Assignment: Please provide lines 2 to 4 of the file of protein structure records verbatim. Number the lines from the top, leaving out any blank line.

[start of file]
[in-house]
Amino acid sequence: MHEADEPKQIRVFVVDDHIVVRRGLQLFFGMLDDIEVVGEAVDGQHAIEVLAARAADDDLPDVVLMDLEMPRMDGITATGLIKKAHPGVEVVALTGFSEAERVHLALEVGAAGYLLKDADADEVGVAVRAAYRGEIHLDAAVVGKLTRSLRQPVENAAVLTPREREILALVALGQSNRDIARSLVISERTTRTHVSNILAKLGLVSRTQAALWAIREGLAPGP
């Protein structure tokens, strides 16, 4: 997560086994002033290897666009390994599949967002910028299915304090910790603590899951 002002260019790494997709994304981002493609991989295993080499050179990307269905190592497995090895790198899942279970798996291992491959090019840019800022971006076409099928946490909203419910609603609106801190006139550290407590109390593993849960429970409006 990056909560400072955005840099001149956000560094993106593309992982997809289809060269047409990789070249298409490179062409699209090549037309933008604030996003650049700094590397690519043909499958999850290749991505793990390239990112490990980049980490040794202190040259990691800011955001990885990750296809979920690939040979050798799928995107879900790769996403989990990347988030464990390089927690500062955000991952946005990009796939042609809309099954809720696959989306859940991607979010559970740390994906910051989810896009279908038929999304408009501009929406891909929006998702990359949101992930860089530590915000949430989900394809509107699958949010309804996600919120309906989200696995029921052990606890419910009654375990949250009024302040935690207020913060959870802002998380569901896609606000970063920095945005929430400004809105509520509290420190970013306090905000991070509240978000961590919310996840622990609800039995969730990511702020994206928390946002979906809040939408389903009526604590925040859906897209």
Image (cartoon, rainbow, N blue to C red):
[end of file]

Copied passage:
Amino acid sequence: MHEADEPKQIRVFVVDDHIVVRRGLQLFFGMLDDIEVVGEAVDGQHAIEVLAARAADDDLPDVVLMDLEMPRMDGITATGLIKKAHPGVEVVALTGFSEAERVHLALEVGAAGYLLKDADADEVGVAVRAAYRGEIHLDAAVVGKLTRSLRQPVENAAVLTPREREILALVALGQSNRDIARSLVISERTTRTHVSNILAKLGLVSRTQAALWAIREGLAPGP
């Protein structure tokens, strides 16, 4: 997560086994002033290897666009390994599949967002910028299915304090910790603590899951 002002260019790494997709994304981002493609991989295993080499050179990307269905190592497995090895790198899942279970798996291992491959090019840019800022971006076409099928946490909203419910609603609106801190006139550290407590109390593993849960429970409006 990056909560400072955005840099001149956000560094993106593309992982997809289809060269047409990789070249298409490179062409699209090549037309933008604030996003650049700094590397690519043909499958999850290749991505793990390239990112490990980049980490040794202190040259990691800011955001990885990750296809979920690939040979050798799928995107879900790769996403989990990347988030464990390089927690500062955000991952946005990009796939042609809309099954809720696959989306859940991607979010559970740390994906910051989810896009279908038929999304408009501009929406891909929006998702990359949101992930860089530590915000949430989900394809509107699958949010309804996600919120309906989200696995029921052990606890419910009654375990949250009024302040935690207020913060959870802002998380569901896609606000970063920095945005929430400004809105509520509290420190970013306090905000991070509240978000961590919310996840622990609800039995969730990511702020994206928390946002979906809040939408389903009526604590925040859906897209």
Image (cartoon, rainbow, N blue to C red):